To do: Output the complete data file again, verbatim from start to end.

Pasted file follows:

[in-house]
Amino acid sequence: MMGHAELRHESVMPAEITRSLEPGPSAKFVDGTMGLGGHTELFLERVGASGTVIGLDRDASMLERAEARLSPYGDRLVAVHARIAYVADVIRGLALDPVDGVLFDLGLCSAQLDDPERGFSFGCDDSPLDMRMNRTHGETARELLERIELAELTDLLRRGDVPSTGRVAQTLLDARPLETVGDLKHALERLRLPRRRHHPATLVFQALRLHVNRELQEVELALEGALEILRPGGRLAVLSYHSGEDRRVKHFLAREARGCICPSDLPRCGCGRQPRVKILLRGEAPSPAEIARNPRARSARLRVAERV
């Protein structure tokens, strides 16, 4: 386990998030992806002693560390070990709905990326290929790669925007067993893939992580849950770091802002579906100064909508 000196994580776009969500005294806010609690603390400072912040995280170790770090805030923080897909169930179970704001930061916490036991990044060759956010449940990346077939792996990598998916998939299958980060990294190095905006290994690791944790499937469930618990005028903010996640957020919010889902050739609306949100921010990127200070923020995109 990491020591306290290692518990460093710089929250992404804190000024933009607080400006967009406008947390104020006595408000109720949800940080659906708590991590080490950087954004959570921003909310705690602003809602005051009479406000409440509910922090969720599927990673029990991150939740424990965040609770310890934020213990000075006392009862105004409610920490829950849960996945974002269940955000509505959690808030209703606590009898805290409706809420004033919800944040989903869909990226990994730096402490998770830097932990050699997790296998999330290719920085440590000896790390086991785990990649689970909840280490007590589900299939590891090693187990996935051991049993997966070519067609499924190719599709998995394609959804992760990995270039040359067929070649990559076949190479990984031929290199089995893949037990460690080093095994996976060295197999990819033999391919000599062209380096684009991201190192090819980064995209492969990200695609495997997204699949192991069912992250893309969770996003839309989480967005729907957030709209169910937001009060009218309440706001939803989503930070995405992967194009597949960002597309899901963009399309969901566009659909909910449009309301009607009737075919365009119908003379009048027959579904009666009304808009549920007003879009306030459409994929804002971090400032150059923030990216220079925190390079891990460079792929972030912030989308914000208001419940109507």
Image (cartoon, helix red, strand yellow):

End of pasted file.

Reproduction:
[in-house]
Amino acid sequence: MMGHAELRHESVMPAEITRSLEPGPSAKFVDGTMGLGGHTELFLERVGASGTVIGLDRDASMLERAEARLSPYGDRLVAVHARIAYVADVIRGLALDPVDGVLFDLGLCSAQLDDPERGFSFGCDDSPLDMRMNRTHGETARELLERIELAELTDLLRRGDVPSTGRVAQTLLDARPLETVGDLKHALERLRLPRRRHHPATLVFQALRLHVNRELQEVELALEGALEILRPGGRLAVLSYHSGEDRRVKHFLAREARGCICPSDLPRCGCGRQPRVKILLRGEAPSPAEIARNPRARSARLRVAERV
């Protein structure tokens, strides 16, 4: 386990998030992806002693560390070990709905990326290929790669925007067993893939992580849950770091802002579906100064909508 000196994580776009969500005294806010609690603390400072912040995280170790770090805030923080897909169930179970704001930061916490036991990044060759956010449940990346077939792996990598998916998939299958980060990294190095905006290994690791944790499937469930618990005028903010996640957020919010889902050739609306949100921010990127200070923020995109 990491020591306290290692518990460093710089929250992404804190000024933009607080400006967009406008947390104020006595408000109720949800940080659906708590991590080490950087954004959570921003909310705690602003809602005051009479406000409440509910922090969720599927990673029990991150939740424990965040609770310890934020213990000075006392009862105004409610920490829950849960996945974002269940955000509505959690808030209703606590009898805290409706809420004033919800944040989903869909990226990994730096402490998770830097932990050699997790296998999330290719920085440590000896790390086991785990990649689970909840280490007590589900299939590891090693187990996935051991049993997966070519067609499924190719599709998995394609959804992760990995270039040359067929070649990559076949190479990984031929290199089995893949037990460690080093095994996976060295197999990819033999391919000599062209380096684009991201190192090819980064995209492969990200695609495997997204699949192991069912992250893309969770996003839309989480967005729907957030709209169910937001009060009218309440706001939803989503930070995405992967194009597949960002597309899901963009399309969901566009659909909910449009309301009607009737075919365009119908003379009048027959579904009666009304808009549920007003879009306030459409994929804002971090400032150059923030990216220079925190390079891990460079792929972030912030989308914000208001419940109507």
Image (cartoon, helix red, strand yellow):